462 Cooking Classes in Tokyo
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29 Cooking Classes
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15 Cooking Classes
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3 Cooking Classes
A popular destination in Tokyo, Asakusa retains the feel and architecture of Tokyo's past. The district is home to Sensoji, a Buddhist temple built in the 7th century. You can enjoy traditional Japanese design and food in Asakusa, and even try your hand at cooking your own Japanese dishes through a cooking class.
On average cooking classes in Asakusa cost ¥5861 per person (based on airKitchen prices).
Tofu Dishes for Vegetarians is popular with other travelers visiting Asakusa.
All cooking classes in Asakusa on airKitchen are offered in English.
Some of the best cooking classes for vegetarians in Asakusa include Tofu Dishes for Vegetarians.
Popular cheap cooking classes in Asakusa include Japanese Home Cooking Class.
Kaminarimon Gate is one the large entrance gates of the famous Sensoji Temple. Four statues are housed in the gate, and an iconic giant red lantern hangs from underneath the center of the gate.
Another popular landmark in Asakusa is Nakamisedori, a souvenir shopping street located just inside Kaminarimon Gate. You can stock up on traditional Japanese knick knacks as souvenirs and pick up traditional Japanese snacks from the street food stalls lining this street.
Otori Shrine is a small Shinto shrine most famous for the Toro no Ichi celebration held each November. On two or three days in November associated with the rooster, a market comes to life at Otori Shrine and merchants sell traditional goods like small decorated rakes.
Tokyo Skytree is the tallest tower in the world, serving both as a broadcasting and observation tower. Visitors are rewarded with sweeping views of the Tokyo metropolis and beyond from the observation deck.
Imado Shrine is the birthplace of maneki-neko, a Japanese charm that is a white cat figurine waving one paw. They make popular souvenirs and are often seen at the entrance of Japanese businesses. The shrine is also a popular destination for those seeking good luck in matters of love and marriage.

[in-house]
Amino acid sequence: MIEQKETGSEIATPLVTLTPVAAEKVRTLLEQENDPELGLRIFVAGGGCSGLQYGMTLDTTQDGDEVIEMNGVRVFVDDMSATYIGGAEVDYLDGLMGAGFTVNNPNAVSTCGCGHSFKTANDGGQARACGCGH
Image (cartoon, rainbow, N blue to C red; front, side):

This Shinto shrine is one of only two buildings that survived World War II in the area, and thus has been named an Important Cultural Property in Japan. Asakusa Shrine was built to honor the three men who constructed the neighboring Sensoji Temple.
Designed to look like Edo streets of the past, Demboin Dori is a shopping and dining area where you can buy souvenirs for loved ones back home or grab a bite to eat. It lies just outside Sensoji Temple.
Take the JR Chuo Line to Kanda Station (2 minutes) and transfer to the Ginza Subway Line for Asakusa (11 minutes).
Take the Marunouchi Subway Line to Akasakamitsuke Station (8 minutes) and transfer to the Ginza Subway Line for Omotesando Station (5 minutes) and transfer to the Hanzomon Subway Line for Asakusa (2 minutes).
Take the JR Chuo Line to Kanda Station (11 minutes) and transfer to the Ginza Subway Line Asakusa (9 minutes).
Take the Ginza Subway Line to Asakusa (17 minutes).
Cooking classes in Asakusa will not only teach Japanese course meals. Students will be learning how to make Japanese matcha tea. Get the chance to write your name in Japanese Calligraphy! Yes, something that is very cool and is not taught everywhere.
Take a closer look into the vintage heritage and how the Japanese cuisine links with the history and culture of Japan.